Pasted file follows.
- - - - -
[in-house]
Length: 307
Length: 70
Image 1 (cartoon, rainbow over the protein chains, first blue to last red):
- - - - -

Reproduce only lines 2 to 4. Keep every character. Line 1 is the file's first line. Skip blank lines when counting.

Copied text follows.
Length: 307
Length: 70
Image 1 (cartoon, rainbow over the protein chains, first blue to last red):